“Too bad,” I said, “I think you’d have been a splendid mother.”
The subject was uncomfortable for both of us, albeit for different reasons. We turned our attention to other matters.
“What’s next to come off the bucket list, then?” she asked.
“On whether I get on the trial, and on whether the trial works.”
“And if not?”
“We go off and have another adventure.”
“Ooh. What’ll we do next? Nothing as dangerous as Hawaii, I hope.”
“I hope not; that certainly wasn’t planned. Mind you, whatever befalls us in life, we’ll always have Hawaii.”
“Just as I suspected. Under that harsh, businesslike exterior, beats a heart of pure mush.”
“You malign me, Madam.”
“I know, but you love me for it, don’t you?”
“Don’t know what you mean, m’dear,” I said.
Just then, Dr Harry came back in.
“Bad news I’m afraid, old chap,” he said, “didn’t make the profile. Maybe next round.”
“Good job I wasn’t depending on it, then,” I responded, “C’mon, Sophie, let’s go home.”
I wasn’t about to let Dr Harry see how devastated I was by this news, how much hope I had unwisely invested in this trial. As soon as I saw the reports, I thought this was my best chance, and I was, in my mind, preparing myself to undergo the treatment and be on the way to being back on my feet. Not going to happen now, though.
We drove home in silence; I think Sophie had a sense of how disappointed I was and was giving me space to explore my feelings at my own pace. That I would talk to her about it, and talk to her in detail, was not in question, but now wasn’t the time.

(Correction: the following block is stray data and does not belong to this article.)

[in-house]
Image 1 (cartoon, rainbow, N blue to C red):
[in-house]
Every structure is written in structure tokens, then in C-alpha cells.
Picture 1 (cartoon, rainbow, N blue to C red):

“I want to do something,” I said, finally.
“Anything in particular?” she asked.
“No, just something,” I responded. “Something to take my mind of the business of these bloody trials.”
“You really wanted that, didn’t you?”
“Like you wouldn’t believe,” I said.
“Too late for the zoo,” she said, “cinema or restaurant?”
“No; I want to look nature in the eye, and tell it what I think of it. I want to go somewhere I can shout and rail at life, without being judged. You can drop me off at a high point in the country and come back for me half an hour later.”
“I’ll do nothing of the sort, Hannice Knight,” she countered. “If you are going to rail at life, I want to be at your side, screaming with you, to add my ire to yours. I want to express my displeasure at what life is doing to my friend.”
“God, Sophie, I love…”
“I love your attitude, your support, the way you seem to want to share my pain.”
“And I love that you love that,” she said with, for some reason, a note of regret.
We stopped at the top of a hill, looking out over woodland and farmland with villages scattered across the plain, white clouds scuttling across the sky, dappling the landscape with a mix of light and shade. Bly took the limo off a discreet distance and parked, out of our sight and, hopefully, out of earshot. Sophie sat on a rock beside me, as we shouted at life, screamed at nature, we swore and cursed at the whole business of fate, chance, or whatever you want to call it. And when the shouting, screaming, swearing and cursing were over, we wept. By the time Bly brought the limo back, we had re-composed ourselves, and we were pretty well at peace with life.
The anger had been worked through. The disappointment and sadness, however, remained close to the surface.